March 17, 2011
Yesterday, the Georgia House of Representatives passed a bill that would lift a statewide ban on landfill disposal of yard waste. According to the Atlanta Journal-Constitution, HB 274* was written in partnership with waste companies, who claim the greenest way to handle yard waste is to bury it in landfills and subsequently capture the methane produced via landfill-gas-to-energy (LFGTE) technology. Meanwhile, environmental groups, the U.S. Environmental Protection Agency, the U.S. Composting Council and the city of Atlanta voiced strong opposition to the bill, insisting that lifting the ban would gut efforts to divert that material and hamstring the state's burgeoning composting industry.
The Heap is inclined to agree that deliberately landfilling yard waste is anything but green. LFGTE is a fantastic technology for harnessing methane from landfills already striving to capture greenhouse gas emissions, with the side benefit of power generation. But deliberately sending yard waste (and food waste, for that matter) to a landfill simply to feed that technology is misguided and cynical. Much greater (and more immediate) benefit can be gained by diverting yard waste from the waste stream and composting it or using it to generate power through anaerobic digestion (a much more efficient capture technology than LFGTE).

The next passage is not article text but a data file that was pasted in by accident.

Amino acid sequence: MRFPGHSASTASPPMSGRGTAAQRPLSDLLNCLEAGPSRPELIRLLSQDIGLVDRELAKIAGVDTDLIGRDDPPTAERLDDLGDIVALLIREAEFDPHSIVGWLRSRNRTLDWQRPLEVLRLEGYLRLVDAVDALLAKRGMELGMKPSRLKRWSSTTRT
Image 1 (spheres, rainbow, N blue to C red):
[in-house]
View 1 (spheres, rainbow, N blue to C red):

It's like shutting off your air conditioner to conserve energy, but then leaving your freezer door open to cool the house. Rube Goldberg logic is being used to justify what is basically a money-driven decision: waste companies are able to charge tipping fees on all of that bulky material coming in to the landfill and more fees for the methane-derived energy going out.
It may be a win-win for them, but it's a lose-lose for the environment.
* Original post erroneously cited Georgia HB 264.